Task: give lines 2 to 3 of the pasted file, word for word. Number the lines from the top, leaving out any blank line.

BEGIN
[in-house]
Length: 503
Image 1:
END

Length: 503
Image 1: